“We’re trying to help you”. That’s what Bunny King keeps getting told, while she tries to win back her kids after they are placed into foster care. Her optimism makes her overpromise and underdeliver, and her drive causes her to occasionally overstep the mark. She takes in niece Tonyah after an incident at her sister’s home, causing the two to hit the road while working towards reuniting Bunny’s family. Essie Davis is great in the lead role, her Bunny is sympathetic and someone to root for, even when her choices are ill-advised.

As the film heads into its third act, these choices and her anger serve a greater purpose. Like I, Daniel Blake, the frustration at the heart of The Justice of Bunny King is towards the systems which supposedly support people in need. At the centre of it is a woman who has been wronged by taking matters into her own hands, and dares to do so again for her niece. Despite its narratively dodgy decisions as events build to a head, it’s this spirit in Bunny – and all the people like her – that packs a punch. The welfare state let Daniel Blake down, and there’s nothing to suggest it learned anything from Bunny’s experience either. Whatever help they’re offering ain’t working.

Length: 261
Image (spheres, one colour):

Down on her luck in more ways than one, and with a habit of getting in her own way, Bunny is framed as the villain by places she ought to have support from, whether that’s family or the state. She isn’t her mistakes and deserves understanding, and the film subtly closes the walls in around her when what she needs is a helping hand.

The Justice of Bunny King is an empathetic film. In its desperate moments, what is missing is patience, understanding, and an effective support system. It asks those who want to help to just try to listen.  

RATING: 3/5  


INFORMATION

CAST: Essie Davis, Thomasin McKenzie 

DIRECTOR: Gaysorn Thavat

WRITER: Sophie Henderson

SYNOPSIS: Bunny King is a mother of two, battling the system to reunite with her children. A confrontation leads her to take her niece Tonyah under her wing.